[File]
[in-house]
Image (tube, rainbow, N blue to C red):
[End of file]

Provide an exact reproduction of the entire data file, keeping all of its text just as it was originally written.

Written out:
[in-house]
Image (tube, rainbow, N blue to C red):